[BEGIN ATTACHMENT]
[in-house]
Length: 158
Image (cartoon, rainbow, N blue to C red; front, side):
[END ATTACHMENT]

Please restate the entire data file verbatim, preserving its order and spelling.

[in-house]
Length: 158
Image (cartoon, rainbow, N blue to C red; front, side):